– Another route could be government intervention of some sort, where 3D printer manufacturers are only licensed to build printers with certain capabilities. But, we all know how well the government runs its operations.

Either way, I feel the industry needs to put its foot down, separate the bad guys from the good, just so one bad apple doesn’t ruin the whole bunch. Aside from the gun issues, the 3D printer is allowing us to do things we’ve never been able to do before, in medicine and in manufacturing.

Let’s take a look at what’s happening in medicine. Recently, someone created printing material made out of stem cells, and what they created (I mean printed), was a human ear. The process was eerily simple. A doctor took a picture of a child’s ear, uploaded it to the 3D printer, and printed out an ear all within 15 minutes. Now the ear had to be left for the stem cells to gestate and grow into skin cells. In fact, ,there is a  company called Organovo that’s leading the “bioprinting” revolution, primarily specializing in customized prosthetics. Currently, many firms and entrepreneurs are racing to create life-like prosthetics that you can feel and maneuver with brain waves, just like a normal body part. (insert some off-color joke about mass printing black penises here).

I personally think that medicine will reap some of the greatest benefits at the early stages of this technology. Manufacturing on the other hand, I believe won’t be adversely affected for some time, call it 15 years. Until these machines are able to produce at the speed and efficiency of multi-million dollar machines/plants, they won’t have much efficacy. But that one day will come. For now, the only place manufacturers will feel an impact is any prototype manufacturing. With 3D printing, entrepreneurs will be able to quickly have a physical prototype of their product, at a fraction of the cost and time, cutting traditional manufacturers out of the picture. So, yes, 3D printing is currently a “bad fit” for some manufacturers — but that doesn’t necessarily mean its a bad fit for everyone. One of the technology’s more promising traits is its ability to offer people customized versions of mass manufactured products like phone cases and cups. 3D printers free manufacturers from the demands of one-size-fits-all manufacturing, which is why it’s got so many fashion and toy companies interested.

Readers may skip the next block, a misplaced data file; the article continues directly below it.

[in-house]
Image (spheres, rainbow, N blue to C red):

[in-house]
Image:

If you want to put your money to work in what could possibly the technology that leads to the next Industrial Revolution, DDD, SSYS, and XONE are opportunities. These three companies recognize the low barriers to entry into the industry, that’s why 3D printer manufacturers have been getting bought up at a record clip by these three.

Just like any new technology or disruption to industry, there will be hurdles to jump before the innovation really hits its stride, finds its market, and into mainstream adoption. This industrial revolution 3D printing I mention is going to start will take some time, mainly to iron out the wrinkles. Even if you think 3D printing’s prospects are bleak, who thought AirBnB (the whole sharing economy) would have been as widely accepted. Or Uber, Lyft, etc, etc. Each of these three successful ideas (after being around for 3-5 years) are still ironing out the wrinkles. AirBnB is running into legal trouble with many states now as legislation prohibits paid stays without the original paying tenant under 30 days. Uber and others ride-sharing companies are hitting legal bumps as well.

My point with this is although 3D printing might seem “doomed”, innovation presents new challenges around the way we think and challenges how our economy is governed via the rules we have in place currently. With each of these concepts: 3D printing, room sharing, and ride-sharing, these small legal hurdles will be jumped as governing bodies will see the benefit to the consumer (hopefully). Unless someone with deep pockets in a particular jurisdiction is will to lobby for no change, then we might some less than stellar adoption of these innovations.